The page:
SAREX 13 and the Arctic Challenge
Even though a small state, Denmark is providing intellectual and practical leadership in shaping Arctic policy for the Western states.
In part, this in the absence of the kind of Canadian and US leadership one should expect, but has not really been evident to date.
An example of this was leading a search and rescue exercise in the Arctic in September 2013.
The scenario focused on a real world problem, namely a cruise ship in distress with the need to both search and rescue passengers and crew.
Because situational awareness is difficult, communications episodic and the ability to reach the right point to make a difference with the right rescue means, the challenge to do “normal” S and R is formidable.
The exercise demonstrated how difficult it is to do “routine” S and R.
The Danes have released a report, which suggested that some things went well, but clearly many did not, which, of course, is the point of running exercises.
The gaps in the ability of the nations to work together, the absence of enough S and R platforms, the real shortfall in SA, and the pot holes associated with communication were all highlighted in the after action report.
One of the more dramatic lessons learned was high significant is the shortfall in basic communications which undercuts significantly S and R capabilities.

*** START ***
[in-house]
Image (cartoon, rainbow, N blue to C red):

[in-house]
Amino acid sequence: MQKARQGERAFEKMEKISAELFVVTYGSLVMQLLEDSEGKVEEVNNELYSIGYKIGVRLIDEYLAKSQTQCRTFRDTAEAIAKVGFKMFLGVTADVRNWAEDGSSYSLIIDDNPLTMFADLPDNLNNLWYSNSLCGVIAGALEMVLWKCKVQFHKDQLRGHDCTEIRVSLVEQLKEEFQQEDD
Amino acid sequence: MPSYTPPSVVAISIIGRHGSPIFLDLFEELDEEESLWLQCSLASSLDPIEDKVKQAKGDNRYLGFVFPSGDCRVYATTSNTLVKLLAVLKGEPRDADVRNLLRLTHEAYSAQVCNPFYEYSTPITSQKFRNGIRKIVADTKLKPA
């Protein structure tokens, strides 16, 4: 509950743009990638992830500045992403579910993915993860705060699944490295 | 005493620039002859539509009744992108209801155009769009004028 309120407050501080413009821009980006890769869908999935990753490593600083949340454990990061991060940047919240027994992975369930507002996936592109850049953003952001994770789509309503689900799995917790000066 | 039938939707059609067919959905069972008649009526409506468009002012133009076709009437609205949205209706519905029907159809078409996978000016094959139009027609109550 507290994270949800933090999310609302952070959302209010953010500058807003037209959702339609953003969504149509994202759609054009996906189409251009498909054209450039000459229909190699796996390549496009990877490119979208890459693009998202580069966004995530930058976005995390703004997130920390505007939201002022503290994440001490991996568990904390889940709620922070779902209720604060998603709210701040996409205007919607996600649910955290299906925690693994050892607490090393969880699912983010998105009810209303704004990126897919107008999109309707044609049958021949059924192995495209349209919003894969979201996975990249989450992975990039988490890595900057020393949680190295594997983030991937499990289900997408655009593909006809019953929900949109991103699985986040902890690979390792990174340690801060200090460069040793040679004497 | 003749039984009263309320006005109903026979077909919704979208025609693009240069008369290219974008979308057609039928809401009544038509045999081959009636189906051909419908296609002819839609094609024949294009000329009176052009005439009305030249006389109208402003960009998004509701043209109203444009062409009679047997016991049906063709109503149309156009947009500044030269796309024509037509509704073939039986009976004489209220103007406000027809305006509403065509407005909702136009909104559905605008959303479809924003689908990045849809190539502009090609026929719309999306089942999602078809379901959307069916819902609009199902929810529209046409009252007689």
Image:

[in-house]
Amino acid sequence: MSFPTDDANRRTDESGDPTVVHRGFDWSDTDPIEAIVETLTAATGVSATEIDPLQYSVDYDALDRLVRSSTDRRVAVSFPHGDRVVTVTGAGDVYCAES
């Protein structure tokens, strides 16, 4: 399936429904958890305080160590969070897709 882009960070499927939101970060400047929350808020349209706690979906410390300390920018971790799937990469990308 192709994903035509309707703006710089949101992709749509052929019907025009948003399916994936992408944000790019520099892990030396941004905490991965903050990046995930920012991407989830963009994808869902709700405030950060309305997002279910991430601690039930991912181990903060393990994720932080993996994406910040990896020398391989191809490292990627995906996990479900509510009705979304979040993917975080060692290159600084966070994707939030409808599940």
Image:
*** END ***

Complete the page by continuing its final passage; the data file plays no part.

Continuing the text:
Hence this was a recommendation about how to build a patch work solution:
As recommended during SAREX Greenland Sea 2012, a simple and self sustained satellite internet transceiver solution, easy put on a mountain top, capable of covering at least 10 Nm, is recommended as the interim solution until internet SATCOM coverage in the fiord systems and above 72N is available.
Such systems are recommended to be tested and implemented immediately. If an area is covered with internet the Tetra-Flex system can link-up and Tetra-Flex data be exchanged.
Otherwise, it must be investigated if it is possible to deploy larger generators or attached fuel tanks for the Tetra-Flex relay stations, which was tested and failed during SAREX 2013.
As an alternative to internet SATCOM and Tetra-Flex the Greenlandic Police used HF making the lines of communication long and the risk of losing information higher.
Another alternative could be the newest Iridium phones.
It is possible to share data “raw text messages” using the newest Iridium pilot data connection (like the ATW-690 and the ICESAR solution) used on Ella Island and Mestersvig.
The system could be useful for all actors as an alternative until having full internet coverage and Tetra-Flex running.